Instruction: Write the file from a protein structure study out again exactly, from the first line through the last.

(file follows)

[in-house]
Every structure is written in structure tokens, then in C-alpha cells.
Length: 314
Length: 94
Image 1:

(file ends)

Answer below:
[in-house]
Every structure is written in structure tokens, then in C-alpha cells.
Length: 314
Length: 94
Image 1: